UK claim of humanitarian reasons for Syria strikes picked apart online


The United Kingdoms deployment of the “humanitarian” card to justify its airstrikes on Syria has raised more than a few eyebrows, with opposition politicians, journalists and members of the public picking it apart on Twitter.

Speaking at the United Nations Security Council on Saturday, Britains UN ambassador, Karen Pierce, laid out the UKs legal justification for their airstrikes on Syria. Pierce claimed that under international law the UK is allowed to take measures in order to “alleviate overwhelming humanitarian suffering.”

The UK government also published the legal position online. It says that three conditions have to be met to justify the intervention.

First, there has to be convincing evidence of extreme humanitarian distress on a large scale. Importantly, this must also be “generally accepted by the international community as a whole.”

READ MORE: Mission accomplished': Trump praises 'perfectly executed' strike on Syria

It also must be objectively clear that there is “no practicable alternative” to the use of force if lives are to be saved. Finally, the use of force must be “necessary and proportionate” to the proposed relief of humanitarian suffering.

The news that the British government was citing humanitarian reasons for launching missiles sparked a flood of reaction on social media, with many people saying that it had not met any of the criteria it laid out.

First Minister of Scotland Nicola Sturgeon described the legal position as “thin” and said it is “not easy to see how [the] humanitarian crisis – the result of years of civil war – will be helped by air strikes.”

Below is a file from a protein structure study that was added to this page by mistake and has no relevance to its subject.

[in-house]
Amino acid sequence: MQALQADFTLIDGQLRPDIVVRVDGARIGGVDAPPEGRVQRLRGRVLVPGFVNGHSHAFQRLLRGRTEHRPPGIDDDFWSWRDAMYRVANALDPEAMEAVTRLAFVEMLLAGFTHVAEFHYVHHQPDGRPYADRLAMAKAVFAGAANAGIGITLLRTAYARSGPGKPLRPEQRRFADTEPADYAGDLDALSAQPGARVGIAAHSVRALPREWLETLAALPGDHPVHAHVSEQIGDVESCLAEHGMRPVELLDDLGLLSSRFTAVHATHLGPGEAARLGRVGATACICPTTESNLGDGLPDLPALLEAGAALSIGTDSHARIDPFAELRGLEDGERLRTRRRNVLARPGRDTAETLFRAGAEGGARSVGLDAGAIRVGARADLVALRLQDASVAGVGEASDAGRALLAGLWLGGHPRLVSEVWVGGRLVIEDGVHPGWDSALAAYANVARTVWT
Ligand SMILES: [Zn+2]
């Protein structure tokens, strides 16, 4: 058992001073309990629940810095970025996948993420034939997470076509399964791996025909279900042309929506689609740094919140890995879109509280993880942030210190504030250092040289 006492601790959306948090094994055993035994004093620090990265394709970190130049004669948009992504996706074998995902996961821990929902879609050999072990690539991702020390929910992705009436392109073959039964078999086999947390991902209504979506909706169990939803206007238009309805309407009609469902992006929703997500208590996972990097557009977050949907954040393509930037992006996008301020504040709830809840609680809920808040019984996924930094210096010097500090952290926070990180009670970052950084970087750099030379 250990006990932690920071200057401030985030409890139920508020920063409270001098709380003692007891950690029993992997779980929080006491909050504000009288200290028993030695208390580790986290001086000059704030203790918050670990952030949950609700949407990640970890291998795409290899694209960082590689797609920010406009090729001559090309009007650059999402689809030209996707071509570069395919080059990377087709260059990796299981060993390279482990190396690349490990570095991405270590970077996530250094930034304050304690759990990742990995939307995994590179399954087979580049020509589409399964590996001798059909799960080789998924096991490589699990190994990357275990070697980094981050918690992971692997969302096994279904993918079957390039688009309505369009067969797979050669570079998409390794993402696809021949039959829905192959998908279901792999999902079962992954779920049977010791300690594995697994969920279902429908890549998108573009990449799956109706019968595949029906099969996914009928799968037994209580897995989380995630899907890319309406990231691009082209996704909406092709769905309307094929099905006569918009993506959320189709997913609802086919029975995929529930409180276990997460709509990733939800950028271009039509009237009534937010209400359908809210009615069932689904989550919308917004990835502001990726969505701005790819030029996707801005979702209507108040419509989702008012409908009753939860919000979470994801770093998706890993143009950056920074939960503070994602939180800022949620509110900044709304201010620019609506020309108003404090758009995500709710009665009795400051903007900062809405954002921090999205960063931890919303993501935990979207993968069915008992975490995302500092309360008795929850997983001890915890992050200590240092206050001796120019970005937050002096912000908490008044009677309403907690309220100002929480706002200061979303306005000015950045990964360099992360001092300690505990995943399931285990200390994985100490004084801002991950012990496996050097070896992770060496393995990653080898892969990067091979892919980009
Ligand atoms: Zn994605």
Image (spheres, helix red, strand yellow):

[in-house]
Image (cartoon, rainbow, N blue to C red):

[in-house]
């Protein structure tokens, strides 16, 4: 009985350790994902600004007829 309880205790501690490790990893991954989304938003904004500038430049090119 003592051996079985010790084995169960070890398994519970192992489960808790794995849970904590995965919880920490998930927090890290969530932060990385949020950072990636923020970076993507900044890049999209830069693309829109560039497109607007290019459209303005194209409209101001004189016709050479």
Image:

1. Legal position seems thin. In absence of UN resolution or self defence – the two clear cut legal grounds for attack – reliance is on averting humanitarian crisis. But not easy to see how humanitarian crisis – the result of years of civil war – will be helped by air strikes.

— Nicola Sturgeon (@NicolaSturgeon) April 14, 2018

Opposition leader Jeremy Corbyn also called the strikes legally questionable.”

BBC political editor Laura Kuenssberg noted that the UK is one of the few countries that tries to use humanitarian arguments as a justification for military action. She added that most international lawyers dont accept the contention.

1. Worth knowing that UK one of few countries that tries to use humanitarian arguments as justification for military action – most international lawyers don't accept it, rightly or wrongly

— Laura Kuenssberg (@bbclaurak) April 14, 2018

Others called out Theresa Mays government and its US allies for claiming to be concerned with humanitarian suffering when and where it suited them, while showing blind indifference to suffering in other areas.

UK Gov's legal advice justifies the airstrikes on the basis of "to alleviate overwhelming humanitarian suffering".

Given the Tories didn't give a shit about thousands of Syrians drowning in the Mediterranean over the past five years, I'm not buying this altruistic bullshit.

— Lindsay Bruce (@RogueCoder250) April 14, 2018

So, let me get this straight. We can drop bombs on people for “humanitarian” reasons but we cant feed American citizens in still hurricane-ravaged Puerto Rico?

— Will Fischer (@will_c_fischer) April 14, 2018

If UK Gov were really concerned about "overwhelming humanitarian suffering", why aren't they agitating to intervene in Myanmar, Palestine or Yemen?

No, they'd rather sell these despotic regimes weapons. "Overwhelming humanitarian suffering", aye right.

— Lindsay Bruce (@RogueCoder250) April 14, 2018

Russian President Vladimir Putin also thoroughly dismissed the “humanitarian” argument, saying the US-led coalitions actions made the humanitarian catastrophe worse, caused pain for civilians, and damaged international relations.

Not only is this UK 'legal position' fundamentally flawed, it picks and chooses the apparent conditions that apply to the myth of humanitarian intervention – missing some key requirements the UK argued for in previous years. Making it up. #SyriaStrikes

— Patrick Butchard (@PatrickButchard) April 14, 2018

Humanitarian reasons? Absolute bollocks.

Where were the humanitarian reasons when she blocked Syrian refugees from entering the UK?

You're fooling no one, Jane.

— Wolfie. #PCPEU (@Tpopularfront) April 14, 2018

You'd have to be the worst kind of simpleton to believe that this latest push for war in Syria comes from a humanitarian desire to save Arab lives!!!!

— Craig Dempsey (@SaorAlba59) April 14, 2018

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